Yes, Newark Has a Subway

At one time, the Newark City Subway transported 2 million people per day on a trolley system that was second only to Chicago. But it’s likely you’ve never heard of the public transportation system that exists miles away from the famed New York City Subway. 

Built by the City of Newark between 1927 and 1937 in the bed of the Morris Canal, the Newark City Subway provided off-street routes for Public Service Corporation’s above-ground trolleys. (Public Service Corporation eventually became PSE&G in the 1940s.) At the time, those trolleys connected 42 routes in and out of Public Service Terminal in Downtown Newark. The trolleys arrived in Downtown Newark from all over the state, even from as far away as Trenton. A small underground portion of 4 previous stations is still in operation today.

Photo courtesy of Marty Bernard

By 1937, the construction of Newark Penn Station, which supported commuter trains, rendered Public Service terminal essentially obsolete. All subway lines, except for the 7 City Subway, were terminated by 1952. PSE&G demolished the Public Service terminal—considered to be one of Newark’s first 20th century landmarks—to make way for their corporate headquarters in 1979. The construction of the 27-story tower eliminated and closed many of the tunnels. When transit workers uncovered the transit tunnels in 2000, many Newarkers rediscovered the city’s transit history that had been sealed decades prior.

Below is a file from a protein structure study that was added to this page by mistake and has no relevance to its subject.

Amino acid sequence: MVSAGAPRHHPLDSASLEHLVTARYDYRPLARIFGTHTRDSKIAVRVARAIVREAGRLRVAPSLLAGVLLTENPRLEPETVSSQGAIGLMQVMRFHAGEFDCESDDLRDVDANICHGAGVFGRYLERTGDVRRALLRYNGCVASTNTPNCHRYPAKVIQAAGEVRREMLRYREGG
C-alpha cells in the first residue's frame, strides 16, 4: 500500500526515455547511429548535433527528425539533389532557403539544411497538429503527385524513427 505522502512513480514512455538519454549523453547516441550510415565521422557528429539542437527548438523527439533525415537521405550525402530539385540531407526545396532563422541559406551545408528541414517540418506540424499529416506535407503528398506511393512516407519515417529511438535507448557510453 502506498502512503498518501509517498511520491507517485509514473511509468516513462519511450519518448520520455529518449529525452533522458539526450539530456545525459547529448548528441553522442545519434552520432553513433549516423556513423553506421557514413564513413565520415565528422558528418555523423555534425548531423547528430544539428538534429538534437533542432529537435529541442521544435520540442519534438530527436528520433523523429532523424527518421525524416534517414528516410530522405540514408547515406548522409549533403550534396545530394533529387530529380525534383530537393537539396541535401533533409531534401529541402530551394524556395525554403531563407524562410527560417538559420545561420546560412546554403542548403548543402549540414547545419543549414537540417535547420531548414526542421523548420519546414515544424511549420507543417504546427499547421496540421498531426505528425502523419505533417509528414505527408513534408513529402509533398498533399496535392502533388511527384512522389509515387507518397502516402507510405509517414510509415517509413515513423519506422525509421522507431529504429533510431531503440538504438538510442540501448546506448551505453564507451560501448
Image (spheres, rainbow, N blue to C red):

Today, the Newark City Subway is operated by New Jersey Transit under the umbrella of the Newark Light Rail, and it’s hidden in plain sight. Approximately 19,000 residents, commuters, and students use the Newark subway and light rail per day. Just one route connects Newark Penn Station to stations in Belleville and Bloomfield. The 20-minute ride costs $1.60; however, a special underground ticket costs just 75 cents. One transit worker told the Star Ledger, “Because it’s underground in downtown Newark and it’s in a cut pretty much the rest of the line, people don’t even see them — it’s hidden. And when you say, ‘Oh, I work for the subway.’ ‘What subway? Newark doesn’t have a subway.’”

Still, even if you’ve never been to Newark or expect that the city has a subway, it’s likely that you have seen the Newark City Subway. When producers of The Dark Knight Rises needed a stand in for the Gotham Transit Authority, they turned to Newark’s hidden treasure to create Gotham’s signature urban feel.

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